In The Master Butchers Singing Club (Harper 2003), Louise Erdrich homes in on the lives of German-American immigrants between the two world wars, tapping a Cather-esque exploration of the early twentieth-century Midwestern mingling of German, Swedish, French and Native American cultures. Though perhaps more widely known for her investigation of the Ojibwe consciousness, in the lives of first and second generation German immigrants Erdrich unearths a particularly rich vein in her overarching preoccupation with a uniquely American experience of cultural liminality. Whether her characters come from across the Atlantic or the reservation line, the tensions and complications that arise in the painful process of assimilation prove immensely engaging fodder for Erdrich’s imagination.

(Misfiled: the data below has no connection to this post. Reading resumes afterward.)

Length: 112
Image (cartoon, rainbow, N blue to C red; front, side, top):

Masters Butchers Singing Club by Louise Erdrich. Published by Harper (2003). 400 pages.
About the Author: Leah Davenport
Leah Davenport, Contributor, is a writer and public relations professional living in Dallas, Texas. She is a graduate of Pepperdine University and the MFA writing program at the University of North Carolina at Greensboro. She is also former fiction editor at The Greensboro Review. Follow her on Twitter @Leah_Davenport1.